‘You’re joking?’ Matt suspects to Skye, ‘You swore once and that is what pushed the security guard off the edge?’ They propel each other’s anger.   

I turn my attention away from the three to look over to where we were just sitting. Most families and groups of kids playing around have since left, probably from the fear of being wet from the dooming rain, leaving only us on the field and the power-hungry security guard. If looks could kill, we would be goners. The annoying thing is that I understand why the security guard assumes us for the worst. I get annoyed when students back chat our teachers and when people bring unnecessary attention to themselves. But we were just sitting down eating, not close to any other families, and enjoying each other’s company. I can think of a lot of inappropriate things teenagers inside the mall are actually doing. So, why are we the ones being punished?

Distracted by my own thoughts I don’t see Matt, Rachel and Skye walking with intention in their step towards the security guard. He stands leaning against the same wall we were once sat at, with his arms crossed and a smug smile inching over his face. From afar, his eyes don’t look human, but almost demonic circles of black. I widen my eyes as I realise that my friends look like small zebras marching into a lion’s den. From this distance I can see the word Protection written down the leg of his pants, more like Devil I think to myself.

His deep and patronising voice rings through the empty oval one last time, ‘Keep walking you shits and don’t come back! I’ll be waiting!’ He has courage to speak loudly as most families have left. My friends immediately stop walking. I sneer at his vulgar language.

My blood boils as I start to lose all sight of what surrounds me. I can’t feel the cold breeze sending goosebumps across my neck and face. Rather, the trees scream in agony, coercing me to change. My jaw begins to involuntarily twitch at his insulting words, how he made my friends feel like we were committing a crime. My eyes darken, I am the predator now. I can hear the faint shouts of Matt in front of me growing closer and closer.

Is this the monstrous behaviour he refers to?

Zara McElroy is an Australian writer residing in Sydney. She is interested in writing Young Adult fiction focusing on the passionate emotions and struggles of the everyday youth. You’ll find her reading romance novels and questioning the meaning of life. Zara enjoys spending time with her dog and dancing.


Contrary to popular belief, the big bad wolf is not only present in fairy tales and Little Red Riding Hood is not safe once she grows up – just look at the awful fate her grandmother suffered. It’s something I’ve learnt the hard way living in New York City: the city that never sleeps. It’s such a romantic notion, personifying a place and idealising the bustling nature of commodity it harbours. But no one takes into consideration what this lack of slumber really means – or rather, how fictitious it is. The city does sleep. Sure, the lights may never go out; the traffic may never come to a total standstill; the streets may never be completely void of life. But civilisation does sleep. It must in order to remain civilised. The glowing eyes of Broadway do not sleep and, as a result, I am wary of the walk back home before I even make it to the bar.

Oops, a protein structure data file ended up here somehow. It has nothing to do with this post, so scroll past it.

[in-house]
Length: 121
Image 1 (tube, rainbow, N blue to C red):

My name is Genevieve Thompson – daughter of Greg and Elisa Thompson, who can be reached at +1 (929) 478-0358. I’m on my way to meet a man I know as Daniel Montague, at The Dead Rabbit – a bar on the corner of Water and Broad Street in Lower Manhattan. My name is Genevieve, it’s 8pm, and already I’m being followed by a pack of wolves.

I keep my eyes trained on the way that my feet collide with the cement and focus on the audible crunch of the litter underfoot; anything to diminish the glowing eyes illuminating my path. Some of them shout confidently in their moonlit disguise, beads of saliva falling into their unkept beards or dripping down their stubbly chins. Others simply make comments under their breath – a soft growl that sends shivers every which way. The goosebumps rising on my skin aren’t a result of the brisk fall weather, but rather their tones which mock genuine admiration and concern.

‘Well, hello there darling. How are you tonight?’

‘Oh my, aren’t you beautiful?’

‘Can I help you out there at all, sweetheart?’

It’s impossible to even tell where each comment comes from, and instead they all mould into an aggressive shouting of the one word that dominates the hunt – SLUT.


The room is lowly lit as I step into The Dead Rabbit, boding well for the performance I have planned this evening. Without the spotlight on me, I’m given the opportunity to characterise myself as what they want me to be – the effervescent angel seeking a simple life. Yet at the same time, I’m expected to remain an enigma – giving just enough of myself away to leave them wanting more. Never too much. That is the most important part. Especially when it comes to me, whose very core houses so many opinions not appreciated by the silent but relentless majority.